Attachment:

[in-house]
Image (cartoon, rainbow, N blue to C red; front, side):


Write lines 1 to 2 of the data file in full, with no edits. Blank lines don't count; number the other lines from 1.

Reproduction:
[in-house]
Image (cartoon, rainbow, N blue to C red; front, side):